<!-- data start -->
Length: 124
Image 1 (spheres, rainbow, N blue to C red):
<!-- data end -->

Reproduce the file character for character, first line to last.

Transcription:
Length: 124
Image 1 (spheres, rainbow, N blue to C red):